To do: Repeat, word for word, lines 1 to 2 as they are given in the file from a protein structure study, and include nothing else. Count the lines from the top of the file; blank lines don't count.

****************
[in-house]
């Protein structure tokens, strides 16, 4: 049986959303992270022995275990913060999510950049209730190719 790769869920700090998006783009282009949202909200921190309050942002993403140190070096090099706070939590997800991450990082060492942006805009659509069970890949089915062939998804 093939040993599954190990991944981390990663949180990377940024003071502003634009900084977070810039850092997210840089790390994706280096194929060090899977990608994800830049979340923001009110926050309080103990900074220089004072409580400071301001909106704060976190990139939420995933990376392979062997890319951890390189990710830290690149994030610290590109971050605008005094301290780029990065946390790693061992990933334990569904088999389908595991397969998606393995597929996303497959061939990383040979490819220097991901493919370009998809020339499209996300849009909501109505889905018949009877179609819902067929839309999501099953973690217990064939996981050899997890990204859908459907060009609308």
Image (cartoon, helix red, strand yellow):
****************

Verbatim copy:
[in-house]
């Protein structure tokens, strides 16, 4: 049986959303992270022995275990913060999510950049209730190719 790769869920700090998006783009282009949202909200921190309050942002993403140190070096090099706070939590997800991450990082060492942006805009659509069970890949089915062939998804 093939040993599954190990991944981390990663949180990377940024003071502003634009900084977070810039850092997210840089790390994706280096194929060090899977990608994800830049979340923001009110926050309080103990900074220089004072409580400071301001909106704060976190990139939420995933990376392979062997890319951890390189990710830290690149994030610290590109971050605008005094301290780029990065946390790693061992990933334990569904088999389908595991397969998606393995597929996303497959061939990383040979490819220097991901493919370009998809020339499209996300849009909501109505889905018949009877179609819902067929839309999501099953973690217990064939996981050899997890990204859908459907060009609308």